Howard Gleckman, Senior Research Associate at the Urban Institute
President Barack Obama wants to increase funding for a government program intended to make it easier for family caregivers to get respite care.
These hard-pressed families desperately need the helping hand. But the White House initiative is a symptom of all that is wrong with long-term-care policy in the U.S.
Government assistance for those who suffer from chronic illness is both terribly underfunded and deeply disorganized. There are programs run by Medicaid and Medicare and the federal Administration on Aging. There are programs run by states and similar projects run out of Washington. This is a particular nightmare for those with disabilities who are struggling to stay at home. If you don’t believe me, try to find a local phone number for elder care assistance.
I live in Montgomery County, Md., and a quick look at my phone book shows 18 different numbers for various senior services. If I need help that is not provided though the county, I need to call the state, which requires yet another frustrating search. Over the years, offices on aging and disabilities have tried to create one-stop shopping to make it easier to find help. And Maryland has a pretty good Web site that tries to pull together all these resources in one place. But the various programs go on for screen after screen. Imagine trying to navigate this if you are 75 years old and caring for a spouse with dementia.
The respite care program Obama wants to expand is typical of the problem. Respite care is temporary assistance for families who are helping the frail elderly or those with disabilities live at home. It may be a home health aide who visits for a few hours so a spouse can get a break. Or it may be an adult day program or transportation aimed at helping the person receiving care get out of the house.
The Lifespan Respite Care Act was passed by Congress in 2006. And its laudable goal was to encourage states to coordinate services aimed at giving family members a temporary break from their often stressful responsibilities. For instance, states could use the funds to make more information available to caregivers about respite services or to train care workers.
But the new law ran into two problems: Individual state agencies trying to protect their turf—and no money. For instance, the original law allowed up to $71 million for the program this year. But in its most recent budget, Congress agreed to make only $2.5 million available to states. The president now says he wants to increase this to about $50 million next year. At a time when the $1.4 trillion federal deficit is putting enormous pressure on spending programs like this, I’m willing to bet he’ll never get it all. And even if he does, he’d still only be spending a bit more than half of the $91 million the original law allowed.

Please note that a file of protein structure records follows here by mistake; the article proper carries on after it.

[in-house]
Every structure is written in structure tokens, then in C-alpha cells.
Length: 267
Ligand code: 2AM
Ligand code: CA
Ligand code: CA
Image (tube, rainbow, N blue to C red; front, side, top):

For some sense of how little this is, think about it this way: By the administration’s own count, there are 38 million caregivers in the U.S. (others estimate there are many more). Even if Congress gave Obama the full $50 million, that works out to $1.31 per family. Of course, that’s a lot better than the six cents being spent today.
Worse, cash-strapped states are slashing their subsidies for the very adult day programs Lifespan is trying to promote. In a states such as California, for example, a federal program to promote these services won’t help much if the programs themselves are shuttered—an idea now being debated in Sacramento. And no small federal grant program will save them.
In today’s awful budget environment, financial pressure on government services for the elderly and others with disabilities will only get worse. The president has already proposed freezing overall spending for social programs exactly like Lifespan for the next three years. If more is spent on Lifespan, don’t be surprised to see funds cut for other badly needed assistance aimed at exactly the frail elderly and younger adults with disabilities.
At the same time, Medicaid—the primary long-term care support program for the sickest and poorest among us—faces its own budget crisis, both in Washington and in the states that pay about half its costs.
The best solution is to free families from the whims of politicians and the inevitable battles over government dollars. National long-term care insurance, such as the proposed CLASS Act, would help in two ways. First, it would give people cash benefits they could use however they want. They would not need to rely on underfunded and possibly inaccessible government programs. If a wife wanted to enroll her husband in an adult day program, she could just do it. Second, because millions of consumers would, for the first time, have the financial resources to pay for these services on their own, new private services would spring up that might do a better job than today’s diffuse and underfunded government programs. It is at least worth a try.
Howard Gleckman, a resident fellow at the Urban Institute, is author of “Caring For Our Parents” and a frequent writer and speaker on long-term care issues.